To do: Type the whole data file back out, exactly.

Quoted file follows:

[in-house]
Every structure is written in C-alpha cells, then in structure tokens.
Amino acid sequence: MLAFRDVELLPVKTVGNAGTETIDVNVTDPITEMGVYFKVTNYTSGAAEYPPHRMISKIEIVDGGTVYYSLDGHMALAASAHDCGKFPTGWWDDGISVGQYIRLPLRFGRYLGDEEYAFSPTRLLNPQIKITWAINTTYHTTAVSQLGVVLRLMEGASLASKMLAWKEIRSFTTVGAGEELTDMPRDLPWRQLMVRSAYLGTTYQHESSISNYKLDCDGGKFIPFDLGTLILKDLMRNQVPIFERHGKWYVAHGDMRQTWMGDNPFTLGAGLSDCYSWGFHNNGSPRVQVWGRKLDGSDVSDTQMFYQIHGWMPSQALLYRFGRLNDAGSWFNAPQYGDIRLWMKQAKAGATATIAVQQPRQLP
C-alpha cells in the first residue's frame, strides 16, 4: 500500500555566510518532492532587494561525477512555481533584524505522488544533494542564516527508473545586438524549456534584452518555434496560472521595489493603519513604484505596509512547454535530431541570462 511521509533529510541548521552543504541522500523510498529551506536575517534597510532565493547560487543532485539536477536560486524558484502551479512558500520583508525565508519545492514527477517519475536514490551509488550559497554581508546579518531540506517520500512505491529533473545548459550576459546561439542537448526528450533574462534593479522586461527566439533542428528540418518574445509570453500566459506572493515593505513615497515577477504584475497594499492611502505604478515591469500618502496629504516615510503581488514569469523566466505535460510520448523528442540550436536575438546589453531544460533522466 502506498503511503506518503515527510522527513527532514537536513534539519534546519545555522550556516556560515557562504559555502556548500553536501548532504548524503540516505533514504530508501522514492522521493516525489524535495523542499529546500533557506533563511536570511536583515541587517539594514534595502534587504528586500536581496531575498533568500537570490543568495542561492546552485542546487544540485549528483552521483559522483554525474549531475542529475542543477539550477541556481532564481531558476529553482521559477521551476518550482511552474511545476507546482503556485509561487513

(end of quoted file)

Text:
[in-house]
Every structure is written in C-alpha cells, then in structure tokens.
Amino acid sequence: MLAFRDVELLPVKTVGNAGTETIDVNVTDPITEMGVYFKVTNYTSGAAEYPPHRMISKIEIVDGGTVYYSLDGHMALAASAHDCGKFPTGWWDDGISVGQYIRLPLRFGRYLGDEEYAFSPTRLLNPQIKITWAINTTYHTTAVSQLGVVLRLMEGASLASKMLAWKEIRSFTTVGAGEELTDMPRDLPWRQLMVRSAYLGTTYQHESSISNYKLDCDGGKFIPFDLGTLILKDLMRNQVPIFERHGKWYVAHGDMRQTWMGDNPFTLGAGLSDCYSWGFHNNGSPRVQVWGRKLDGSDVSDTQMFYQIHGWMPSQALLYRFGRLNDAGSWFNAPQYGDIRLWMKQAKAGATATIAVQQPRQLP
C-alpha cells in the first residue's frame, strides 16, 4: 500500500555566510518532492532587494561525477512555481533584524505522488544533494542564516527508473545586438524549456534584452518555434496560472521595489493603519513604484505596509512547454535530431541570462 511521509533529510541548521552543504541522500523510498529551506536575517534597510532565493547560487543532485539536477536560486524558484502551479512558500520583508525565508519545492514527477517519475536514490551509488550559497554581508546579518531540506517520500512505491529533473545548459550576459546561439542537448526528450533574462534593479522586461527566439533542428528540418518574445509570453500566459506572493515593505513615497515577477504584475497594499492611502505604478515591469500618502496629504516615510503581488514569469523566466505535460510520448523528442540550436536575438546589453531544460533522466 502506498503511503506518503515527510522527513527532514537536513534539519534546519545555522550556516556560515557562504559555502556548500553536501548532504548524503540516505533514504530508501522514492522521493516525489524535495523542499529546500533557506533563511536570511536583515541587517539594514534595502534587504528586500536581496531575498533568500537570490543568495542561492546552485542546487544540485549528483552521483559522483554525474549531475542529475542543477539550477541556481532564481531558476529553482521559477521551476518550482511552474511545476507546482503556485509561487513